Australia to promote Australia (Good News Week 23/6/08: What’s the Story)

Aussie tourism leaders are hoping the new Baz Luhrmann film Australia will attract tourists to our shores in a similar way that the Lord of the Rings trilogy did to New Zealand. They’re CGI-ing in a couple of hobbits just to make sure.

Sure, Lord of the Rings showed off New Zealand’s snowy mountain ranges, rushing rivers and verdant landscape, but this film really displays acres of sand at its best. / but boy, can we do flat desert! / but this film showcases our inhospitable deserts of death like nothing else!

The success of New Zealand’s “the real middle earth” campaign has prompted Aussie tourism commercials to advertise Australia as “the real down-underworld”. Though I’m not sure Underbelly will necessarily draw the sort of tourists we’re after.

The Aussie tourism industry is hoping the movie Australia will revitalise tourists’ interest in visiting the country. It seems that the fuel-starved post-apocalyptic Australia depicted in Mad Max just wasn’t projecting a positive enough image. And, as we all know, it’s just too close to the truth.

Australia also hopes to get a bigger foothold in the tourism biz by stressing that New Zealand is also the home of orcs, trolls and Balrogs. / and hairy feet. / and evil wizards. / and New Zealanders.

After the Lord of the Rings trilogy was screened, visits to New Zealand went up 22 percent – although admittedly, most of them were ring-wraiths. / most tourists were actually searching for the One Ring.

But they’ve missed the point. The selling point for New Zealand wasn’t the hills and lakes – it was the fact the place is full of hobbits.

A Tourism Australia source said the film was basically a two and a half hour ad. Sounds awesome. / There’ll be queues round the block for that one. / And if you wait and watch it on TV, you can get it interrupted by even more ads! Yeah!

Baz Luhrmann has struck a deal with Tourism Australia for his new film, called Australia, to be used to try to replicate the success of the New Zealand “the real Middle Earth” campaign. Hmm… “Australia. The real Australia.” Not sure how big a hit that’s going to be. / Doesn’t quite have the same ring… / Well, it’s catchy. / Well, it’s memorable! / Well, it’s true!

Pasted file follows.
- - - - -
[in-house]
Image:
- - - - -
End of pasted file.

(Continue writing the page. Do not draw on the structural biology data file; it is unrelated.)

The new slogan will be “Come to Australia. The country. It’s just like it is in Australia. The film.” Should work a treat.

The film is set during the Japanese attack on Darwin in World War II, and will display Australia as a great place to bomb.

The film is set during the World War II bombing of Darwin. That was when we were attracting the wrong type of tourist.

The film is set during the World War II bombing of Darwin. In fact, their slogan’s going to be “We’re ripe for a take-over…” / “Whew, it sure is nice to be an island paradise with a very small defence force!” / “Australia: so easy to bomb!” / “Australia: beautiful one day, all yours the next!” / “Isn’t it time for an annexe?” / “Australia: easy pickin’s.”

They’re still going to use “Where the bloody hell are you?” as a campaign slogan, although given that the film’s about the bombing of Darwin it’s now going to be addressed to people who’ve been blown up.

The film’s about the bombing of Darwin. They’re still using the slogan “Where the bloody hell are you?”, though now it’s more an anguished cry for a bombed loved one.

The film stars Nicole Kidman and Hugh Jackman, but so far as the tourism industry’s concerned, the real star is outback Australia. And to be fair it is a better actor than Nicole.

It’s a great way to attract tourists to the top end of Australia, hoping for a glimpse of Nicole Kidman’s titty. Or down south for her map of Tasmania.

Of course if you’re going to attend a two and a half hour film called Australia, chances are you’ve heard of the place already.

They’re hoping the new film will be more successful at attracting tourists than the “Where the bloody hell are you?” campaign. Yeah, well a two and a half hour film called Australia is a bit more obvious. / is less likely to be confusing.

They’re hoping the new film will be more successful at attracting tourists than the “Where the bloody hell are you?” campaign was, or the follow up “We’ve got deadly snakes” disaster. / or the more recent “If the snakes don’t get you, the spiders will” disaster.

The original New Zealand campaign was just Gollum singing “can’t help myself – bad hobbits.”

We can’t use the Lord of the Rings for our international advertising, because, when translated into Australian, the phrase “lord of the rings” comes out as “arse bandit”.

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